May 24, 2024

As genomic profiling of PCa patients becomes increasingly feasible, the developed AR functional encyclopedia could provide decision-makers with a tool to guide the treatment choice for PCa patients based on their AR mutation status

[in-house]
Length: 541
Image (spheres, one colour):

As genomic profiling of PCa patients becomes increasingly feasible, the developed AR functional encyclopedia could provide decision-makers with a tool to guide the treatment choice for PCa patients based on their AR mutation status. cancer genomics portal data base [18,19], we found that the frequency of AR mutants can vary between patient cohorts and can reach up to 15% in metastatic CRPC [4,20]. is common in prostate cancer (PCa), and the gain-of-function mutations in human androgen receptor (AR) represent one of the most dominant drivers of progression to resistance to AR pathway inhibitors (ARPI). Previously, we evaluated the in vitro response of 24 AR mutations, identified in men with castration-resistant PCa, to five AR antagonists. In the current work, we evaluated 44 additional PCa-associated AR mutants, reported in the literature, and thus SB 525334 expanded the study SB 525334 of the effect of darolutamide to a total of 68 AR mutants. Unlike other AR antagonists, we demonstrate that darolutamide exhibits consistent efficiency against all characterized gain-of-function mutations in a full-length AR. Additionally, the response of the AR mutants to clinically used bicalutamide and enzalutamide, as well as to major endogenous steroids (DHT, estradiol, progesterone and hydrocortisone), was also investigated. As genomic profiling of PCa patients becomes increasingly feasible, the developed AR functional encyclopedia could provide decision-makers with a tool to guide the treatment choice for PCa patients based on their AR mutation status. cancer genomics portal data base [18,19], we found that the frequency of AR mutants can vary between patient cohorts and can reach up to 15% in metastatic CRPC SB 525334 [4,20]. We also reported the results of functional characterization of 24 AR mutants identified in liquid biopsies from CRPC patients or reported in the literature, and demonstrated that all these mutants exhibited resistance to at least one of four available AR antagonists, including hydroxyflutamide, bicalutamide, enzalutamide and apalutamide [13]. The remarkable plasticity of the AR under selective pressure of AR pathway inhibition (ARPI), coupled with the marked heterogeneity and negative prognostic significance of its cfDNA mutants, indicates that there is no one size fits all treatment for PCa patients. Furthermore, the results of our initial functional characterization of clinically observed AR mutants clearly indicate the need for novel AR antagonist(s) capable of inhibiting all forms of AR mutants. Darolutamide, a structurally distinct AR antagonist compared to ABS antagonists hydroxyflutamide, bicalutamide, enzalutamide and apalutamide (Figure 1), showed complete inhibition of several documented AR-resistant mutants [21] and might provide broader antagonist activity with emergent AR mutants. Hence, we evaluated the inhibition of 44 PCa-associated AR mutants identified in the literature and public databases by darolutamide. Additionally, the response of the AR mutants to most clinically used bicalutamide and enzalutamide, as well as to major endogenous steroids (DHT, estradiol, progesterone and hydrocortisone), was investigated. Open in a separate window Figure 1 Chemical structures of clinically used AR antagonists. 2. Materials and Methods 2.1. Constructs Full-length human AR (WT-AR) was encoded on a pcDNA3.1 expression plasmid (Life Technologies, Carlsbad, CA, USA). The AR point mutations were generated using the QuikChange II Site-Directed Mutagenesis Kit (Agilent Technologies, Santa Clara, CA, USA) as per manufacturers instructions using WT-AR as the template. The mutagenic oligonucleotide primers were designed individually with the desired mutation in the middle of the primer with ~10C15 bases of correct sequence on both sides (the sequences of the used primers are presented in Table S1). 2.2. Steroid Activation Assay PC3 cells lacking the AR and authenticated by Genetica using STR profiling were maintained in RPMI 1640 media (Life Technologies) and 5% FBS (Hyclone Thermo Fisher Scientific, Waltham, MA, USA) at 37 C and 5% CO2. Cultures were routinely monitored for mycoplasma contamination. For the steroid activation assay, IkB alpha antibody cells were seeded in 96-well plates (5000 cells/well) in RPMI 1640 medium with 5% charcoal-stripped serum (CSS) (Hyclone). After 24 h, cells were co-transfected with 25 ng of wild-type or mutated AR and 25 ng of the reporter plasmid pARR3-tk-luciferase using TransIT20/20 transfection reagent (3 L/g of DNA) (Mirus Bio LLC, Madison, WI, USA) in Opti-MEM serum-free media (Life Technologies) SB 525334 for 48 h according to manufacturers suggested protocol. Cells were stimulated with increasing concentrations of DHT, estradiol, SB 525334 progesterone or hydrocortisone in 100% ethanol (0 to 500 nM). Control cells were treated with 100% ethanol alone. At 24 h after treatment, the medium was aspirated off and the cells were lysed by adding 60 L of 1 1.